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Publication numberUS7691654 B2
Publication typeGrant
Application numberUS 11/347,687
Publication dateApr 6, 2010
Filing dateFeb 3, 2006
Priority dateFeb 4, 2005
Fee statusPaid
Also published asCN1819146A, CN100485903C, US20060176413
Publication number11347687, 347687, US 7691654 B2, US 7691654B2, US-B2-7691654, US7691654 B2, US7691654B2
InventorsKatsuyuki Moriya
Original AssigneeSeiko Epson Corporation
Export CitationBiBTeX, EndNote, RefMan
External Links: USPTO, USPTO Assignment, Espacenet
Method for manufacturing active matrix substrate, active matrix substrate, electro-optical device and electronic apparatus
US 7691654 B2
Abstract
A method for manufacturing an active matrix substrate having a pixel electrode including: forming a bank partitioning the pixel electrode by a droplet discharge method; and disposing a functional liquid containing a conductive material to a region partitioned by the bank so as to form the pixel electrode.
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Claims(10)
1. The method for manufacturing an active matrix, comprising:
forming a wiring on a substrate in a lattice-shaped pattern, wherein the wiring includes:
a first direction wiring; and
a second direction wiring, wherein the second direction wiring is divided by the first direction wiring;
forming a multilayered part on the first direction wiring, the multilayered part comprising an insulation film and a semiconductor film; and
forming a conductive layer on the multilayered part so as to electrically link the divided second direction wirings, and a pixel electrode electrically connected to the second direction wiring via the semiconductor film, wherein forming the conductive layer and the pixel electrode includes:
forming a bank partitioning the conductive layer and the pixel electrode by a droplet discharge method; and
disposing a functional liquid containing a conductive material to a region partitioned by the bank.
2. The method for manufacturing an active matrix substrate according to claim 1, wherein the wiring includes:
a source wiring;
a gate wiring; and
a capacitance wiring extending almost straight along the gate wiring, the source wiring being divided by the gate wiring or the capacitance wiring.
3. The method for manufacturing an active matrix substrate according to claim 1, the wiring being manufactured by a droplet discharge method.
4. The method for manufacturing an active matrix substrate according to claim 1, wherein forming the multilayered part includes forming the multilayered part on the capacitance wiring, the multilayered part being divided at the intersection on the capacitance wiring.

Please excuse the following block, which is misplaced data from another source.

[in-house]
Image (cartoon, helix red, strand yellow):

5. The method for manufacturing an active matrix substrate according to claim 1, wherein forming the multilayered part includes performing a half exposure process to the semiconductor film so as to form a switching element.
6. The method for manufacturing an active matrix substrate according to claim 1, the bank being formed with a material having lyophobicity.
7. The method for manufacturing an active matrix substrate according to claim 1, the material containing an inorganic material.
8. An active matrix substrate manufactured by using the method for manufacturing an active matrix substrate according to claim 1.
9. An electro-optical device equipped with the active matrix substrate according to claim 8.
10. An electronic apparatus equipped with the electro-optical device according to claim 9.
Description
BACKGROUND

1. Technical Field

The present invention relates to a method for manufacturing an active matrix substrate, an active matrix substrate, an electro-optical device, and an electronic apparatus.

2. Related Art

Along with the popularization of mobile devices such as notebook personal computers, cellular phones, thin-and-light liquid display devices are widely used. This type of liquid crystal display device has a structure in which a liquid crystal layer is sandwiched between an upper substrate and a lower substrate.

An example of the lower substrate (active matrix substrate) is shown in FIG. 19. As shown in FIG. 19, a lower substrate 30 is structured by including a glass substrate P, a gate scan electrode 11 and a source electrode 17 both of which are wired on the glass substrate P so as to be intersected with each other, a drain electrode 14 wired on the glass substrate P, a pixel electrode (ITO) 19 connected to the drain electrode 14, an insulation layer 28 provided between the gate scan electrode 11 and the source electrode 17, and a thin film transistor (TFT) 63 composed of a thin film semiconductor. For forming various metal wirings in the lower substrate 30, a method is employed as exemplified in JP-A-9-171974. In the method, a process is repeated many times in which dry processes and photolithography are combined.